He'll return home to Youngstown, Ohio, and face big underdog Miguel Espino (20-2-1, 9 KOs), best known for a stint on the first season of "The Contender," on Saturday night (Top Rank PPV, 9 ET, $39.95) at the Beeghly Center on the campus of Youngstown State University.
"Now I'm back. I feel great," said Pavlik, who was supposed to fight Williams instead of Hopkins last year but didn't because the Williams side increased its demands after Top Rank thought it had a deal. "I have a huge hunger to get back into the ring. On Saturday night it will be bombs away. Two fighters who only go forward. My strategy is simple. I will be leading with double and triple jabs to keep him on his toes. Once I land a big shot, it's going to be a whole new ballgame. Winning is not enough. I need to be dominant and I need to be impressive. I know what the mission is and I have every intention of completing it."
Although Pavlik's hand feels better, he still can't fully bend his finger, but it's not stopping him from going through with the fight, even though he compressed a typical eight-week training camp into five.
"The only thing with the hand right now is I can't bend it the whole way, but I would say it is at 100 percent," Pavlik said. "At first, we were wearing 18-ounce gloves just to make sure it would be safe and the last couple of times went down to the regular size. The hand is feeling good, there is no pain and everything is fine."
Pavlik is resigned to the fact that there will be those who believe he simply ducked the dangerous Williams.
"That doesn't bother me because some people know absolutely nothing about boxing," Pavlik said. "They don't know how the sport works. It doesn't bother me that much. The thing is, we had to fight, and against Espino, the kid has a great heart, a good chin and he's always in great shape so you can't overlook anyone like that. This will be his first shot at a world title and his only shot, so you know he's going to make the best of it. So our thing was we were told we had to defend the title. We had to make that fight so I wouldn't get stripped of my title. So the people that said he is now fighting two weeks later [from the Dec. 5 date meant for the Williams fight], they don't understand the story and have no idea what was behind it."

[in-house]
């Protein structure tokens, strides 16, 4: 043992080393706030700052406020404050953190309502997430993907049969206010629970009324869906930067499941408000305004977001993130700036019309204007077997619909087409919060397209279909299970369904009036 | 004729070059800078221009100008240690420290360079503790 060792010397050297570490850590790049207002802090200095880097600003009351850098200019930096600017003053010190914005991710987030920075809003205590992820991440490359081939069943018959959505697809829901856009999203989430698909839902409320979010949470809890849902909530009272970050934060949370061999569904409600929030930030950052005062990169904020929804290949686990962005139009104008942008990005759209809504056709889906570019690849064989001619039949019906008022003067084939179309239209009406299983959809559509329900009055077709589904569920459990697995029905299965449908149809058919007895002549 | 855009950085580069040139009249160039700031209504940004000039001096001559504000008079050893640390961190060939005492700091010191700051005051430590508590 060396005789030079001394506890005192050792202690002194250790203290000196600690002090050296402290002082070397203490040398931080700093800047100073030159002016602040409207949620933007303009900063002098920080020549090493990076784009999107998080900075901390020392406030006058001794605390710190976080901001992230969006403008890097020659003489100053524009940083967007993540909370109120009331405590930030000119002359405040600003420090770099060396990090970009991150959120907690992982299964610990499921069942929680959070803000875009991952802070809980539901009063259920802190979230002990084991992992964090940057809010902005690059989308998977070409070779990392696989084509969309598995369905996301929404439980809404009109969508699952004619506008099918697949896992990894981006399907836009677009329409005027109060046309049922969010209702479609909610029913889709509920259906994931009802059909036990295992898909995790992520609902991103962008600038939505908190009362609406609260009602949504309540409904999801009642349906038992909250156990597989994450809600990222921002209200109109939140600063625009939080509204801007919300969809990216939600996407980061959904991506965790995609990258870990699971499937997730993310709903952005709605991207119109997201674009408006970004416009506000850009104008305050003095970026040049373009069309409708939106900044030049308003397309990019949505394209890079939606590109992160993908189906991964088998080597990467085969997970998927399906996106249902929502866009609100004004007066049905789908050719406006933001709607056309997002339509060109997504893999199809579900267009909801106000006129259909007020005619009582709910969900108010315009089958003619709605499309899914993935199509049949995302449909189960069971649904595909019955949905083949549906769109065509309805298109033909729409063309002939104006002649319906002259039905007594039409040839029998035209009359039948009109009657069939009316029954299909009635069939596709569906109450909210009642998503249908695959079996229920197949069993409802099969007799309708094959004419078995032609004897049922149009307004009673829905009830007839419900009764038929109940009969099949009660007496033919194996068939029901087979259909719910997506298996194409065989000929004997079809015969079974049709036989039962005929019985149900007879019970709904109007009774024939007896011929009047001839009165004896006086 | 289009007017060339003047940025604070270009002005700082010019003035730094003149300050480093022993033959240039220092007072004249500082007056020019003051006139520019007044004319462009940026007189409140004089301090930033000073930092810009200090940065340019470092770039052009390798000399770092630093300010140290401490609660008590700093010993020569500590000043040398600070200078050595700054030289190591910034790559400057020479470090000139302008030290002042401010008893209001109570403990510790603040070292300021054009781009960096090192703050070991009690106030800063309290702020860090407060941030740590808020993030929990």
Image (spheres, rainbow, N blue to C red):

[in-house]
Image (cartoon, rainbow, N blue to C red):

Arum is more perturbed by those who cry that Pavlik ducked Williams than Pavlik is.
"It really makes me want to cry because people like that saying what they say -- that they have absolutely no factual basis for what they are saying," Arum said. "We knew what Kelly went through physically and how close he was to not making it at all, not just to fight, but not making it at all, and to have those statements made. Like the genius [George Peterson] that trains Williams, claiming that Kelly was faking the injury. When I hear that, I feel so embarrassed for the sport. I'm 78, and I've put my whole life into this sport, and to hear morons like that talk when they have no basis for what they are saying really makes me sad."